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Author Aarti Narayan MBBS, Raviteja Reddy Guddeti MBBS
Exam Type USMLE Step 3
Main Category Emergency Room
Sub Category Allergy/Immunology, Cardiovascular
Prompt A 75-year-old male presents to the ER with chest pain of 20 minutes duration. His EKG shows ST-elevation in the anterior precordial leads, and laboratory studies show an elevation of cardiac enzymes. The patient is found to have 3 vessel disease on coronary angiography. Immediate CABG is performed and the patient recovers post-surgery. He is discharged in stable condition. The patient presents again to the ER two weeks later, this time complaining of severe retrosternal chest pain that radiates to the back. On further inquiry, he mentions that his pain is aggravated by lying down and alleviated by sitting up and leaning forward. What is the most probable diagnosis?
Answer A Dressler’s syndrome
Answer A Explanation [[AnswerAExp::Incorrect: Dressler's syndrome is a form of pericarditis that occurs secondary to injury to the heart, most commonly as a result of myocardial infarction. Dressler's syndrome typically occurs 2 to 10 weeks after myocardial infarction.]]
Answer B Post-myocardial infarction pericarditis
Answer B Explanation Incorrect:Post-myocardial infarction pericarditis, much like Dressler's syndrome, is a pericarditis which occurs after a myocardial infarction. However Dressler's syndrome will occur 2-10 weeks after an MI, whereas post-myocardial infarction pericarditis typically occurs 2-4 days after a myocardial infarction.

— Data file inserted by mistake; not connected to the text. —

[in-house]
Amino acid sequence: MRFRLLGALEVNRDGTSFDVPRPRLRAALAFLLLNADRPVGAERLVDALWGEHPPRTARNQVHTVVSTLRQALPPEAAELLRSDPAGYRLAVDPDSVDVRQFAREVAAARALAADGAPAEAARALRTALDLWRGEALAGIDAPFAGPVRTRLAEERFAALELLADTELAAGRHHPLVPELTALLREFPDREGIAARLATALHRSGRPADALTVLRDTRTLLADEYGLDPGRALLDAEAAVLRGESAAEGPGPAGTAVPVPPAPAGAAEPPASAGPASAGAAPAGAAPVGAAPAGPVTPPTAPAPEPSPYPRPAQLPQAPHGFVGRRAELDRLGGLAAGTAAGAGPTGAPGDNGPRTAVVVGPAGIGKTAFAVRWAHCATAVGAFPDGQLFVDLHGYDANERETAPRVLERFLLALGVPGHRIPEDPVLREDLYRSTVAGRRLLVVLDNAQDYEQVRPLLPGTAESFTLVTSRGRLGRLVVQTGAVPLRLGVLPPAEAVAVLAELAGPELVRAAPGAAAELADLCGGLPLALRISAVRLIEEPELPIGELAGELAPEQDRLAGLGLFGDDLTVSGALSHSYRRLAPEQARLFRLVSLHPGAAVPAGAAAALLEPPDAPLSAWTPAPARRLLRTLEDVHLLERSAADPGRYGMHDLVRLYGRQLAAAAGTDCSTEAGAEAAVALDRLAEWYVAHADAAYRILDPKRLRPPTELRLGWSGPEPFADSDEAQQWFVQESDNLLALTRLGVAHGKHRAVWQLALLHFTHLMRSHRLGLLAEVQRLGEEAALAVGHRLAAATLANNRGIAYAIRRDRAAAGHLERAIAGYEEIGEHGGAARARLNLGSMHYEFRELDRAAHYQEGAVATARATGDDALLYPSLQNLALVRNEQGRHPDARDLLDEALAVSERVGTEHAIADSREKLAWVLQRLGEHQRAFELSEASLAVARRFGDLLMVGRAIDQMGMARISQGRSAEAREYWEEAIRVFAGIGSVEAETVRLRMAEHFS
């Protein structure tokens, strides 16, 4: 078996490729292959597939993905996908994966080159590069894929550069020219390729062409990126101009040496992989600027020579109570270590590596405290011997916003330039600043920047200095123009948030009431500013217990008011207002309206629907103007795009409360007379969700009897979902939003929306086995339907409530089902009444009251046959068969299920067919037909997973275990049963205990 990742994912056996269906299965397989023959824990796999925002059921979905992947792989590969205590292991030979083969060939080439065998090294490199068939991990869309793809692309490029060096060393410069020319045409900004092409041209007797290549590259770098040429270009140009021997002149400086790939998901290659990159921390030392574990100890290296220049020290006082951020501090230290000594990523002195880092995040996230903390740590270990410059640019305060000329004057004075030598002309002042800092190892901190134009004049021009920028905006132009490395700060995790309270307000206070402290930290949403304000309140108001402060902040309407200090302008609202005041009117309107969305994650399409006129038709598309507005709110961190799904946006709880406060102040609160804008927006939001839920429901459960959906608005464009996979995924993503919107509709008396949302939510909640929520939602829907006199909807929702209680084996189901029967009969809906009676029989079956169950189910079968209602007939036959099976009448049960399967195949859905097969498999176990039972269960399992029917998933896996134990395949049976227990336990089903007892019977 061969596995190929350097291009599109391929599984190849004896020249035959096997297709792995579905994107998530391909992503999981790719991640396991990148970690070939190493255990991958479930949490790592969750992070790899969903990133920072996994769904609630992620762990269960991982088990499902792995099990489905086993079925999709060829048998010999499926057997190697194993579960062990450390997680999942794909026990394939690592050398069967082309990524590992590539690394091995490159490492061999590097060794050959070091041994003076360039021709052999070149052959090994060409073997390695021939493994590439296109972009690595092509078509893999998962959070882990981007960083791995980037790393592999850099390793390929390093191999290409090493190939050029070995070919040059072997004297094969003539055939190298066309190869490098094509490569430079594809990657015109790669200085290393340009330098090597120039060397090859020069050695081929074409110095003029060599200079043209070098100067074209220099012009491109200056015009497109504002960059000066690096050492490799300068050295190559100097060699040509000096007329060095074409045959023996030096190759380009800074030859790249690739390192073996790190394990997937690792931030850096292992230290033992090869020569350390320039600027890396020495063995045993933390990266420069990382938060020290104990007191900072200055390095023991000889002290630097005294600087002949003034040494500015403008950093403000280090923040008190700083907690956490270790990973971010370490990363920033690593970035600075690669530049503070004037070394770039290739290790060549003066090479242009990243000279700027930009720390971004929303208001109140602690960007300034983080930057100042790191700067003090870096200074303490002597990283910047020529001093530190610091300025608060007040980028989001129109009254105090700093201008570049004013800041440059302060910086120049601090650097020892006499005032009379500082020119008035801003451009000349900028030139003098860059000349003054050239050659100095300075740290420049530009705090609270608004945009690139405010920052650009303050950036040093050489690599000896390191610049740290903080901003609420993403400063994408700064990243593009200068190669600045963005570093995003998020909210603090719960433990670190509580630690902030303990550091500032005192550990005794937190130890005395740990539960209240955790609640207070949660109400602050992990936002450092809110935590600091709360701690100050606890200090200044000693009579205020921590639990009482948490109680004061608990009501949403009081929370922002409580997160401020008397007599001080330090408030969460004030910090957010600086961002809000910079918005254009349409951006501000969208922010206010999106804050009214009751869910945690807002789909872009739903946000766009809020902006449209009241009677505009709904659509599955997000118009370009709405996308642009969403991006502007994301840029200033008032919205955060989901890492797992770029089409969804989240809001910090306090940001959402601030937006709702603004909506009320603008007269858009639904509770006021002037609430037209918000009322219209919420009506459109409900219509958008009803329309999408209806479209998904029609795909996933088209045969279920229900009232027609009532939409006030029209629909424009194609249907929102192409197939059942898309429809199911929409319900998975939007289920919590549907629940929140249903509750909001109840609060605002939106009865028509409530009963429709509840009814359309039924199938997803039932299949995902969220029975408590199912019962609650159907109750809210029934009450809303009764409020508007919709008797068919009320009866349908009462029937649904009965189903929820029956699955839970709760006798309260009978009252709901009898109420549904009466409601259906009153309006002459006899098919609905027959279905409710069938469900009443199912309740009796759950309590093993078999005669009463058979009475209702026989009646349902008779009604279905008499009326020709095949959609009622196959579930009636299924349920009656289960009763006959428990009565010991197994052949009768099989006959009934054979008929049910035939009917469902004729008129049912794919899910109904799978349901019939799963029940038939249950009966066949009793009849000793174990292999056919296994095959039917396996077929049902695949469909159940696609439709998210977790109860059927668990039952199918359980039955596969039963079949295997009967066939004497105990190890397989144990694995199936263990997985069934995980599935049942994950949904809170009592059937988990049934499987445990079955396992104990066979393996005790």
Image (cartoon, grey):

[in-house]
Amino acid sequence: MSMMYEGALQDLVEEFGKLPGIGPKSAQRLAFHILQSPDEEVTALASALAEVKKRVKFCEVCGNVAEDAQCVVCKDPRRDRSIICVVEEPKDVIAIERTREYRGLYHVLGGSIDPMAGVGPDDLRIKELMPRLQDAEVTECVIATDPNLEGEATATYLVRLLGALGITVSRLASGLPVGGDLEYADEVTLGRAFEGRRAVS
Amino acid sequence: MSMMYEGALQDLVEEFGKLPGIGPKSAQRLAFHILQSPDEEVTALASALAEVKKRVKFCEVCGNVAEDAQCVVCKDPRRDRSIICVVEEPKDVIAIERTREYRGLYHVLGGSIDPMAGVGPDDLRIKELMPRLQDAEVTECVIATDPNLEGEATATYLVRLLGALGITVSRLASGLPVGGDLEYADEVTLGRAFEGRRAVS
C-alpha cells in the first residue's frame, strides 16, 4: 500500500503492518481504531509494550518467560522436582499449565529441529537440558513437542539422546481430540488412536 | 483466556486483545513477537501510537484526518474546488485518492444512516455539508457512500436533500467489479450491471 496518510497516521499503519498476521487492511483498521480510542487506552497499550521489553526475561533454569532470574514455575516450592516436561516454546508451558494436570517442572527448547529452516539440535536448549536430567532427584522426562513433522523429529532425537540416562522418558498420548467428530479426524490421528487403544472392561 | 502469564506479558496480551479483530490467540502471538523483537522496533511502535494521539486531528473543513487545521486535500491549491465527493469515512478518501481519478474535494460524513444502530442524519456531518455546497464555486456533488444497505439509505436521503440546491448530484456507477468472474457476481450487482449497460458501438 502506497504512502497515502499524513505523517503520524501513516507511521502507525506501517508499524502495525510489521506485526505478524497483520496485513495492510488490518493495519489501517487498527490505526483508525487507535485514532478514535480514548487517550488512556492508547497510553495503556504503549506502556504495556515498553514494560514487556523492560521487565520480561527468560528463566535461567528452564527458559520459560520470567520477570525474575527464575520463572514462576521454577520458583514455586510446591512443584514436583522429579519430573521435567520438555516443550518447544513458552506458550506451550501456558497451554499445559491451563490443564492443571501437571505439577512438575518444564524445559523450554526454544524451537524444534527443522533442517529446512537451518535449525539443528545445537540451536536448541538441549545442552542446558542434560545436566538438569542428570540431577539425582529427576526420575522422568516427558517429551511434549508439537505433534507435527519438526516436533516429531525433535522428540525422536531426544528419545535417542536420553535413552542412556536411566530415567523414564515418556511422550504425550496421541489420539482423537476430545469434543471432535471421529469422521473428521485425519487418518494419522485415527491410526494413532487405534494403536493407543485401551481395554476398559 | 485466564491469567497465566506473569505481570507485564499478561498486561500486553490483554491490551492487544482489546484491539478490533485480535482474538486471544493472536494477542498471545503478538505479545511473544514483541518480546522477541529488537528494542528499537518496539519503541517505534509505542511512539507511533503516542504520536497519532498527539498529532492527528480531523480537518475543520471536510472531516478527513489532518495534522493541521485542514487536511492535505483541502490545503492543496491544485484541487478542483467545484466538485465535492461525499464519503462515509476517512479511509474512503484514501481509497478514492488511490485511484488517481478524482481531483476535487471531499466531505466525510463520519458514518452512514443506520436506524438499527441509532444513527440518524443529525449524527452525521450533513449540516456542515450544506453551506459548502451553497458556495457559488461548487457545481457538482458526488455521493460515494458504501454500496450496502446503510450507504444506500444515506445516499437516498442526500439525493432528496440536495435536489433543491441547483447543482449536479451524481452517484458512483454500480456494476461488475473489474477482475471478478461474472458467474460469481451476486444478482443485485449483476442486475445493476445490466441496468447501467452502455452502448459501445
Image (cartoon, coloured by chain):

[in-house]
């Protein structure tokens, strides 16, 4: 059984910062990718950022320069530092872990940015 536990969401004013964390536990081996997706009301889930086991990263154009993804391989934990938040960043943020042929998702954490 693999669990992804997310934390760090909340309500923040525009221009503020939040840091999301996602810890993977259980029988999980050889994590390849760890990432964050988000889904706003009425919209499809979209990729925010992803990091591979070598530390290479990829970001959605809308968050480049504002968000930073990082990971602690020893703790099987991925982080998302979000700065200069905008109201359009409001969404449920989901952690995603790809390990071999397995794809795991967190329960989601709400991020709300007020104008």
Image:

Answer C Post-pericardiotomy syndrome
Answer C Explanation Correct: Post-pericardiotomy syndrome is the correct answer.
Answer D Pulmonary embolism
Answer D Explanation Incorrect: Pulmonary embolism refers to the blockage of the pulmonary vasculature by a substance from elsewhere in the body, most commonly a blood clot. Pulmonary embolism is associated with sudden onset chest pain, tachycardia, and shortness of breath. Risk factors for pulmonary embolism include immobility, a past thromboembolic event, and any other causes of hypercoagulable state.
Answer E Idiopathic
Answer E Explanation Incorrect: The history of the patient suggests that cardiac surgery is the inciting factor for the pericarditis in this case.
Right Answer C
Explanation [[Explanation::The correct answer is post-pericardiotomy syndrome. The post-pericardiotomy syndrome is inflammation of the pericardium (the sac surrounding the heart) that occurs following cardiac surgery. Symptoms can occur from days to weeks after the operation. The syndrome is thought to have an autoimmune basis.

Educational Objective: Post-pericardiotomy syndrome is characterized by inflammation of the pericardium following cardiac surgery.

References: Postpericardiotomy syndrome
Educational Objective:
References: ]]

Approved Yes
Keyword Pericarditis, Myocardial, MI, Myocardial infarction, CABG, Chest pain, Chest
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